The Office of Verger (Virger, Custos, Sub-Sacrist, Serjeant of the Vestry, or even ‘Church Mouse’) is an ancient one and means ‘He who carries the Virge before the procession’.

The ‘Verge’ is the rod of office (Latin – Virga; Old French – Vergier), and was used to ensure that the many processions were not impeded during worship. This was an important duty in the Middle Ages, and on important festivals two Vergers were on duty. However, the Verger’s duties have developed over the centuries, and now combine tasks which were often carried out by other individuals.

Today, Vergers continue to have an important ceremonial role, but add management responsibilities, with the care of people and a variety of other duties, including the behind-the-scenes management of worship and the care of vestments, plate and other valuable objects.

Vergers are committed Christians dedicated to serving Our Lord Jesus Christ and his Church. Their work brings them into contact with a whole spectrum of people who visit our churches and cathedrals, and they must be sensitive to the widely varying needs of these visitors. Many will be seeking historical information or just the time of the services, but others may be in emotional or spiritual distress, and to these the verger must offer a sympathetic ear, guiding them towards appropriate counselling if required.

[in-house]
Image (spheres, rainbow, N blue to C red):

At a practical level vergers will often bear the immediate responsibility for the care and security of the building and – particularly in many Parish Churches – the presence of the verger guarantees that the building can remain open outside service times as a place of prayer and of Christian witness to the local or wider community.